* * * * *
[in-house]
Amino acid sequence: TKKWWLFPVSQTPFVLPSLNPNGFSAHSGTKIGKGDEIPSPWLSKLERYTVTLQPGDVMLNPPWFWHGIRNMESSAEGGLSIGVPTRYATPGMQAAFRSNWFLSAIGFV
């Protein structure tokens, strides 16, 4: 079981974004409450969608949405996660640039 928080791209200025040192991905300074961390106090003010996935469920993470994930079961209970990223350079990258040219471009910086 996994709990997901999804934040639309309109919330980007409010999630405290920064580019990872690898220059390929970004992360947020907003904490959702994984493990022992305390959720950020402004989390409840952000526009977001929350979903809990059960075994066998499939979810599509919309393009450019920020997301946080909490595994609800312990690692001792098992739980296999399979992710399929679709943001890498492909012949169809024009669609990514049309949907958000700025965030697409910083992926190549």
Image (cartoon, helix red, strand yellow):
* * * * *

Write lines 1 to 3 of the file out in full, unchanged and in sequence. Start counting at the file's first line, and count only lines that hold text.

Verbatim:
[in-house]
Amino acid sequence: TKKWWLFPVSQTPFVLPSLNPNGFSAHSGTKIGKGDEIPSPWLSKLERYTVTLQPGDVMLNPPWFWHGIRNMESSAEGGLSIGVPTRYATPGMQAAFRSNWFLSAIGFV
């Protein structure tokens, strides 16, 4: 079981974004409450969608949405996660640039 928080791209200025040192991905300074961390106090003010996935469920993470994930079961209970990223350079990258040219471009910086 996994709990997901999804934040639309309109919330980007409010999630405290920064580019990872690898220059390929970004992360947020907003904490959702994984493990022992305390959720950020402004989390409840952000526009977001929350979903809990059960075994066998499939979810599509919309393009450019920020997301946080909490595994609800312990690692001792098992739980296999399979992710399929679709943001890498492909012949169809024009669609990514049309949907958000700025965030697409910083992926190549």